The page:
Wild Camping with the kids

September 2, 2015

I have to admit that my first camping experience was last year at the tender age of 33 - and again, like this time, it was in the woods. No camp site, no toilet, no running water, no luxuries - just us, the kids and nature.

I am so happy that Lee chose last Friday - it happened to be the only sunny day - plus it coinsided with the Big Little Tent Festival 2015 which took place over the Bank Holiday, inspiring families to camp outdoors with their kids.

Lee had picked a secluded spot at the top of a hill, tucked away next to the woods, it is always a risk camping somewhere that isn't an actual camp site, but again, we didn't see a single person all day or night.

So Friday, late morning we set off for a two mile trek, laden with rusksacks - two small tents, sleeping bags, spare clothes, cooking pots, food and water.

Lee set the tents up when we arrived and started to collect wood for the camp fire.

 

 

We had bought some skewers with us, an onion, peppers and chorizo, potatoes and tin foil and a grill to put on the camp fire. We wrapped the potatoes in foil and baked them for about two hours in the embers of the fire (two of them burnt!) but the others were good, we cooked kebabs on the grill and some baked beans in the tin. Dinner sorted!

 

The children played in the woods and ran down the hills.

We peed alfesco (in amongst the trees).

Our little tents were at the top of this hill.

 

These are known as King Alfreds Cakes or Coal Fungus, they grow on trees, they can be used like coal to keep your fire going.

The kids got their onesies on and we got the hot chocolate going in a pan on the fire - and it wouldn't be camping without marshamallows!

 

 

The sunset was magnificent - we all sat and watched the colours change.

 

 

 

Sitting by the roaring fire - it got dark very quickly. The kids had a set of battery powered fairy lights in their tent and we had two lanterns wih candles.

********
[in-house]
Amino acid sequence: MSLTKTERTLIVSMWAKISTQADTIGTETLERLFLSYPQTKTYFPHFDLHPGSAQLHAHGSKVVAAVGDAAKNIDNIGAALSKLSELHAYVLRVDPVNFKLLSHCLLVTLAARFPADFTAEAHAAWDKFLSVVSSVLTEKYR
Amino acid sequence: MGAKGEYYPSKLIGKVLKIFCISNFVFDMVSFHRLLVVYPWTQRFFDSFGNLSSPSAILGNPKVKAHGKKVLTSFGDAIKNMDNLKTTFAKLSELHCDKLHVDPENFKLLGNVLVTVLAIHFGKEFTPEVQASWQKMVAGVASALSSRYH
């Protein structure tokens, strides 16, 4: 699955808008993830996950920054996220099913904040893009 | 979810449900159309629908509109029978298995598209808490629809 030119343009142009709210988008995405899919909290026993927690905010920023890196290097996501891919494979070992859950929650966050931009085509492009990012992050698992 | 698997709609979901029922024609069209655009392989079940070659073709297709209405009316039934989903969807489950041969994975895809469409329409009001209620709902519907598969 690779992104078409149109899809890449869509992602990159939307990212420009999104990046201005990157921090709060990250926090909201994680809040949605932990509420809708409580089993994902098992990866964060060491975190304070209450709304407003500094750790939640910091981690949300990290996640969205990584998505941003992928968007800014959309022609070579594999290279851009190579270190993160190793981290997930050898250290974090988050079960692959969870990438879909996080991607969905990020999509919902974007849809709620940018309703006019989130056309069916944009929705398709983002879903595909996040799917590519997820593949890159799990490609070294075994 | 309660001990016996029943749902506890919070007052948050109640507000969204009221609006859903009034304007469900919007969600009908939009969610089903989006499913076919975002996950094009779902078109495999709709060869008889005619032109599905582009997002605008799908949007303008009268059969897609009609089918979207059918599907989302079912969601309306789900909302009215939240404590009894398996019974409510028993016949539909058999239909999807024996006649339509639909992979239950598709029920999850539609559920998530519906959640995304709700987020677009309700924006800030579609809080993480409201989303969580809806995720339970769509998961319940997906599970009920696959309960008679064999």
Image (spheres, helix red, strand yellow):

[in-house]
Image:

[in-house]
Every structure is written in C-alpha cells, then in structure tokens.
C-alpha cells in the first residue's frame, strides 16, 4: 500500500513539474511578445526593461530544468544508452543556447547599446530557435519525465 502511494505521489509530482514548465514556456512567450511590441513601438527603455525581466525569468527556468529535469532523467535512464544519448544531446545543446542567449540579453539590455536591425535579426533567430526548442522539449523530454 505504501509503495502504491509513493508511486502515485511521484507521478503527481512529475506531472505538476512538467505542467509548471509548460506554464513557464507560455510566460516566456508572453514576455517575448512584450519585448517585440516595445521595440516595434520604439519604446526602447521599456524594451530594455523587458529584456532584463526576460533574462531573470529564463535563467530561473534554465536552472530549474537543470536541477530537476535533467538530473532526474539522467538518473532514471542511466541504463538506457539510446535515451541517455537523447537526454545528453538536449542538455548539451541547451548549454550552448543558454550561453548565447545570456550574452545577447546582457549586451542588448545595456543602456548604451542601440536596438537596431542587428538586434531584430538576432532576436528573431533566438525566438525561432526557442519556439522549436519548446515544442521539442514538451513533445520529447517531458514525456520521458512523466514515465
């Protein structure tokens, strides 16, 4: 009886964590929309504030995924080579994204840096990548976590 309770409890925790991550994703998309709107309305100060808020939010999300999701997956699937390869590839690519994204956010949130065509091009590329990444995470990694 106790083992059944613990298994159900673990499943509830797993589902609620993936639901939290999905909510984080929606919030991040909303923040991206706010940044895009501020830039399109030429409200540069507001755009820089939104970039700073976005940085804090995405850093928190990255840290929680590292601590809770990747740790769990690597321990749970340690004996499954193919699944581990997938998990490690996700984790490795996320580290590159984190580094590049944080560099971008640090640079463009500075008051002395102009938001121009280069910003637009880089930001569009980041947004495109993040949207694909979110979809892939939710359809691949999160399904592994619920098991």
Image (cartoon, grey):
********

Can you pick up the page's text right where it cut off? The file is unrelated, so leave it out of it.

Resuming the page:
I had to read to get the children off to sleep - by this time it was very dark and I must admit it was quite eery sitting with our backs to the woods, hearing the noises of nature - I started having Blair Witch visions.

We got into our tent with Fin sleeping in the middle. We heard a fair bit of rustling outside, we think it was rabbits. Shan woke in the early hours and got in our tent as she was cold, so I then swapped tents as I didn't want Kiki sleeping alone. Again I could hear a lot of rustling outside - but...... we survived, we weren't eaten by badgers or chased off by an angry farmer, we all managed to sleep until around 7.30am!

Lee got the fire going again and we had sausages for breakfast, then started to pack up our tents back into the rucksacks, we had not much water left and we were all pretty tired. What was lovely was whilst we were packing away, the kids all wandered off holding hands and went and sat together in the grass, like proper little children of the wild. The fire had gone out when we left but Lee poured some water over the embers just to make sure.

 

I know it's not a holiday as such and it's very close to home - but I hope we've made some good memories for our children.

 

Here are Daddy's words of wisdom and camping tips:

.Three rules of basic survival are shelter, food and water.

.Make sure you have servicable tent/s, not only bring enough food but learn what you can forage on the trip and make sure you bring enough water with you, but that you can get to a source of water within two miles  (30 minute walk).

.Make fire without a lighter/matches. Bring a fire steel and locate sources of tinder ranging from dandilion or thistledown to dry grass/twigs.

.Always pick a spot away from your tents and where the ground is free from leaves/grass and clear a space of about 1cm back to the soil. This prevents grass from catching fire.

.Always keep a clean dry set of clothes in your tent, even if your other clothes are sopping wet the moral you feel when getting into a dry set at the end of the day is always great.

.Don't leave rubbish. Try to leave the place you camped just as you found it.

.Don't destroy trees if not needed as there is plenty of wood lying on the floor.

.The two most important rules are don't be unsafe or trespass. Get the landowners permission where you can, in our case we have camped wild but on land we know we will have little issue with (abandoned or met the locals).

 

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Hello, I'm Sarah. Part of a family of 5 who can often be found foraging in the woods or camping at a festival. I love anything boho and am rarely without my camera.

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